Bellac (pop. 4,576), picturesquely situated on the border with Poitou, was the birthplace of the dramatist Jean Giraudoux (1882- 1944), and has a monument to him. He is commemorated by an annual festival of music and drama at the end of June and beginning of July. Giraudoux celebrated the beauty of the Limousin in his novel "Suzanne et le Pacifique".The church of Notre-Dame has two parallel naves, one Romanesque and the other Gothic, and a 12th C. reliquary.
The beautifully situated little town of Chambon-sur-Voueize (pop. 1,105) has one of the most important Romanesque sacred buildings in the Limousin, the church of Ste- Valérie (12th C.; restored 1850). The rectangular tower dates from the 13th C., and the interior has fine 17th C. paneling.2km/1-1/2mi away is the little spa of Evaux- les-Bains, which was frequented in Roman times, with some 30 springs (14-60 C/57- 140 F). The Romanesque church of St- Pierre-et-St-Paul has a fine tower.
Bourganeuf lies on a hill at the meeting of three valleys. The Tour de Zimzim (so called because of a legend that the brother of a Turkish sultan was imprisoned here), a relic of an ancient castle, is notable for its three story structure of oak beams; there is a fine view from the top. The Town Hall contains late 18th C. Aubusson tapestries.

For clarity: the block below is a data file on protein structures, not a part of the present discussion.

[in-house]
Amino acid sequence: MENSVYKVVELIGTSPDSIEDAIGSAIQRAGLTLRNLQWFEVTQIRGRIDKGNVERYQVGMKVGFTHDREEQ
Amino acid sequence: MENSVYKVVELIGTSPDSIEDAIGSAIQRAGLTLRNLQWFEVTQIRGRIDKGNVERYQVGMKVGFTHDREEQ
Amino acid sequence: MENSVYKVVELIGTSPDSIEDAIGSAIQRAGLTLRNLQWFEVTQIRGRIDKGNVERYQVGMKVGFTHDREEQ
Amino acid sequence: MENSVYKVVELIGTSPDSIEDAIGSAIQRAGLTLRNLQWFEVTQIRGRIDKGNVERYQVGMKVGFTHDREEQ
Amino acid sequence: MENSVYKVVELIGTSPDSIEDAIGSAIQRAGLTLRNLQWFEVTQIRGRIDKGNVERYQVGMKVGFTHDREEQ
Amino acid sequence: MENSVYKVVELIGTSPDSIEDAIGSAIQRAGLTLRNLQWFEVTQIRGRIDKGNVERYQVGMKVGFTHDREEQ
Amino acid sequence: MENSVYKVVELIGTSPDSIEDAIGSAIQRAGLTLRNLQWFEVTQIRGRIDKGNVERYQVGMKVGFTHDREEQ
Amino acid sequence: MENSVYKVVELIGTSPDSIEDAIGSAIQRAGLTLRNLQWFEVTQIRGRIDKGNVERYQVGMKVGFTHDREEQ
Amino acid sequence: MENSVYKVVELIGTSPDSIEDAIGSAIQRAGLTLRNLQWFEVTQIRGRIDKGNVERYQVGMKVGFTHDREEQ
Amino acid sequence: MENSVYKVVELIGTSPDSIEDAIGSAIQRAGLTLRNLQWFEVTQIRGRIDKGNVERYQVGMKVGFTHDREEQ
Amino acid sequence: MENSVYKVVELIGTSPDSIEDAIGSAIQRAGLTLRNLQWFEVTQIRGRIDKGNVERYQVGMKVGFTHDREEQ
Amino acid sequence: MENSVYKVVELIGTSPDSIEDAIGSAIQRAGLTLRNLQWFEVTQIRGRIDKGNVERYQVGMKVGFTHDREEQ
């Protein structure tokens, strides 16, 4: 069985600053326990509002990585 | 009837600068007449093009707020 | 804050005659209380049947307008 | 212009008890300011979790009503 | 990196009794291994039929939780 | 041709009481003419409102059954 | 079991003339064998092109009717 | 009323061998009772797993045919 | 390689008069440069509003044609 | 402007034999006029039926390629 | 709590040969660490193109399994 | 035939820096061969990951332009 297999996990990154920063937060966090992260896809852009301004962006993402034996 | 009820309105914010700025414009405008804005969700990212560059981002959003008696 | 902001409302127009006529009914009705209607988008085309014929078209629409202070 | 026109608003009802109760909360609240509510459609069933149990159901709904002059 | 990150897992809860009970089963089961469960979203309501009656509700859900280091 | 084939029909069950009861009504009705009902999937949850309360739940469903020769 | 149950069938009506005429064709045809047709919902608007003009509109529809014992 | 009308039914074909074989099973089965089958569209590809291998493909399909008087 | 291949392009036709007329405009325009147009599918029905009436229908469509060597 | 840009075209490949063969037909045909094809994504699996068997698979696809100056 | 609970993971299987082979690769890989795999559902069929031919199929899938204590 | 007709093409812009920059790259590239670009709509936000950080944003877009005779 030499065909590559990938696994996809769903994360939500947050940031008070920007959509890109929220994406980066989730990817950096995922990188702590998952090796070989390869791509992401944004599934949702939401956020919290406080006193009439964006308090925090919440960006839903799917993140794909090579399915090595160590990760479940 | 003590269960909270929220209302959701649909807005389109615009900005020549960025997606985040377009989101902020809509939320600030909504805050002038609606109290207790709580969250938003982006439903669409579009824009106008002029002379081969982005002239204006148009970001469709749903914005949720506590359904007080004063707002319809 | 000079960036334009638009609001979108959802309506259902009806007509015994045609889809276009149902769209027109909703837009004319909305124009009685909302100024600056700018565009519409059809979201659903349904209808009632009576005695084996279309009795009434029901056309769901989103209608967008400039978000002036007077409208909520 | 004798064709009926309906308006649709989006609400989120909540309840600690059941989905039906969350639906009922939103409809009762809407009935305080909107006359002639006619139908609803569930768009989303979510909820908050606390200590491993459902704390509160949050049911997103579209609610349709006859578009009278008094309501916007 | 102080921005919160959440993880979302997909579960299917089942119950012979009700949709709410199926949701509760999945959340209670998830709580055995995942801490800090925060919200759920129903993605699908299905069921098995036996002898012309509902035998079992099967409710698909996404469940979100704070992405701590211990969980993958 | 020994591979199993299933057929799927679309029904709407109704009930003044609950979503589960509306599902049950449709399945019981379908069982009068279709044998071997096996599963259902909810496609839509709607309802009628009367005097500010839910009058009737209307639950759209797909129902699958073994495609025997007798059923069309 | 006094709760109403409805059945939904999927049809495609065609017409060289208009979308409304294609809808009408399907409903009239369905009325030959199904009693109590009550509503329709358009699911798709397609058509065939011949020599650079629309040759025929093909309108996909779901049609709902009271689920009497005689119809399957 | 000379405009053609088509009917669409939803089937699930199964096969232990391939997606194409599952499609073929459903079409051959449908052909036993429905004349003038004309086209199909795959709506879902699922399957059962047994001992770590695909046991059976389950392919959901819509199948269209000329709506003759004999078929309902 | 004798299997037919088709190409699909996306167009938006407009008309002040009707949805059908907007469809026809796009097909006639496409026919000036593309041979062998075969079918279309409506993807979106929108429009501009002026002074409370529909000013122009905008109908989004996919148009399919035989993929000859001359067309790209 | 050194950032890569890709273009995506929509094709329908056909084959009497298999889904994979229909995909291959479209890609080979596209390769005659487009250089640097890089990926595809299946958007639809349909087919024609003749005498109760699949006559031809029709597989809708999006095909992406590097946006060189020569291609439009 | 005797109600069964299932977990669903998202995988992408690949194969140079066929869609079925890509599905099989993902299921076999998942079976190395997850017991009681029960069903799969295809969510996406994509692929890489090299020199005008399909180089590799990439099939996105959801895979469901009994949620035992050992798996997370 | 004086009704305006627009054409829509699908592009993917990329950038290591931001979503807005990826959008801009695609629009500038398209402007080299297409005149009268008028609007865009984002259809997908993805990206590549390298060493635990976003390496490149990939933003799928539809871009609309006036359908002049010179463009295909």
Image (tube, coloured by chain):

This little town - Coussac-Bonneval - (pop. 1,600), in a beautiful setting, has a fine 14th C. castle (altered in the 18th and 19th C.). It contains a collection of exhibits telling the extraordinary story of Achmet Pasha, born in 1675 as the son of the seigneur of Bonneval, who went to Constantinople, became a pasha and died there.Le Chalard, near Coussac-Bonneval, has a massive Romanesque church.
St Leonard de Noblat, France
St-Léonard-de-Noblat (pop. 5,300) is a charming little town with picturesque old houses (13th-16th C.), the birthplace of the physicist Gay-Lussac (1778-1850), who discovered the law of volumes. The town, situated on a hill, was a staging-point on the medieval pilgrims' route to Santiago de Compostela, and has a beautiful Romanesque church (11th C.) with 15th C. choir-stalls; the tower has fine capitals.